Israel’s First Oscar goes to Team Who Developed Wireless Video Chip Technology

Despite its relatively small film-making industry, 10 Israeli films have been nominated for Oscars from the American Academy of Motion Picture Arts and Sciences. The first foreign-made Israeli film nominated for the prestigious prize was Sallah (Fiddler on the Roof) and the first leading actor Chaim Topol for the same movie. But none of them ever won!

Every year, along with the announcement of the winners of the traditional Oscar ceremony, the American Film Academy also announces the winners in the various categories of scientific and technical awards that have significantly influenced the global film industry

 

Now, Israelis are getting recognition for film-related talents – but none of them are actors or actresses. 

The Academy just announced the winners of an Israeli Oscar in the Science and Engineering category for 2021: Prof. Meir Feder of the Ivy Walder Fleischman Faculty of Engineering at Tel Aviv University and Dr. Zvi Reznik, his former student and co-founder of the startup company Amimon will receive the award along with the company’s members Guy Dorman and Ron Yogev. 

 

The company team developed wireless video technology implemented in Amimon chips, is the winner of the prestigious Oscar award for a significant scientific and engineering contribution to the film industry. The company was founded in 2004. 

 

Feder explained that the award-winning technology is now widespread throughout the global film industry, as it is able to transfer video footage of very high quality and from a large number of photo centers, instantly and without any delay, thus allowing the film director and the control team full control of all shooting angles at once.

 

The award committee, in its citation to Feder and his colleagues, explained: “This Oscar is for wireless chipset, which enables untethered, high-quality on-set, encrypted digital video monitoring with sub-frame latency. By using innovative extensions of digital information transmission and data compression algorithms, along with prioritizing information based on erroneous bit ratios, the chipset supports the creation of unlimited motion range photography systems, extending creative film freedom.”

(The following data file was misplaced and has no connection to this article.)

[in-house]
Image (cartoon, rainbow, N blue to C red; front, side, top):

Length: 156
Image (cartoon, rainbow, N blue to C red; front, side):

An excited Feder said: “This is a very exciting day for me, and it is a very great pride for Tel Aviv University. We developed the basic technology in 2004 to 2005 when everyone thought the task was difficult or even impossible. We knew it was a real technological achievement, but we never imagined we would get the Oscar. About a year ago we were informed by the awards committee that we were nominated, but I did not attach any importance to it; I saw it as a gimmick,” he recalled. “About a month ago, I suddenly received an official email from the academy in Hollywood informing us that we had won an Oscar and the feeling was great. In academia, I have won many awards, but without a doubt, the Oscar is the most famous of all. It is an award that everyone on the street knows. For me and my development team, is a great achievement and I am very proud of it.” 

An internationally recognized authority in signal processing, communication and information theory, Feder received a doctor of science degree from the Massachusetts Institute of Technology, was a visiting professor there and held visiting positions at Bell Laboratories and the Scripps Institute of Oceanography. He is fellow of IEEE, the world’s largest technical professional organization for the advancement of technology. During his academic career, Feder was closely involved with numerous hi-tech companies, including working with Intel on the MMX architecture and designing efficient multimedia algorithms for it. In 1998, he co-founded Peach Networks, a provider of server-based interactive TV system via the cable network, acquired in 2000 by Microsoft. He then co-founded Bandwiz, a provider of massive content delivery systems for enterprise networks


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